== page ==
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LARAMIE — Wyoming citizens reporting phishing emails to help their friends and neighbors avoid scams is why the CyberWyoming Alliance set up phishing@cyberwyoming.org. For the May 3 edition of the Hacker’s Brief, an email from Beverly Hills Rejuvenation Center was reported by a Sheridan citizen and was mistaken for a scam. However, the email was real and the CyberWyoming Alliance has printed a retraction.

This creates a great learning experience for CyberWyoming Alliance staff to take that extra minute to research the scam reported by the citizen, a normal practice that was missed for this email on May 3.

Research includes a combination of the following tools and searches.

1. Checking the sender’s address.

• Could it be a real domain? A simple Google search gives a clue.

• If it looks real, then CyberWyoming Alliance staff check the sender’s information on LinkedIn or Facebook and instant message that person to ensure they really are who they say they are and that they really sent the message. CyberWyoming Alliance staff have even looked up company’s phone numbers on the web and called directly to ask the receptionist if the employee works there.

• Checking the company with the BBB’s website.

• Checking to see if the company’s social media sites reference the same website or domain name.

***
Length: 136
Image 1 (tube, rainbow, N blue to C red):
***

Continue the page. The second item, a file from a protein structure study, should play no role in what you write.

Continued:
• Copying and pasting the email address into MS Word and changing the font to be sure that the domain isn’t spoofed by changing a small l (L) to a capital I.

• Running the URL on websites like VirusTotal to check to see if they are legitimate.

2. Checking the links by hovering to ensure that they direct the user to the correct site.

3. Using Google searches to see if the scam was reported by others, like the FTC or the BBB.

These research tips are great for anyone receiving suspicious emails, but marketers also have to be aware of their email construction. The Sheridan citizen assumed the email was fake because the “Hi ___” was an initial and not her name, she had not asked for information about the company, the offer was aggressive, and the signature line looked very generic with no logo or branding. Her Spidey-sense was definitely going off when she reported this email to the CyberWyoming Alliance.

Specifically, cold call emails put real companies at risk for being mistaken for fraudsters. In a recent webinar, our sister organization CyberWyoming suggested marketers need to craft better messaging in emails, provide transparent links in any emails, be sure not to include attachments, avoid sending generically addressed emails, develop relationships with those on their mailing list and consider approaching potential customers using other methods to gain legitimacy and brand awareness. For instance, the CyberWyoming Alliance has found that direct mail in Wyoming still works because customers know that mail fraud is a federal offense. 

The CyberWyoming Alliance regrets this case of mistaken information and apologizes for any inconvenience this may cause to Beverly Hills Rejuvenation Center. The CyberWyoming Alliance is a nonprofit.

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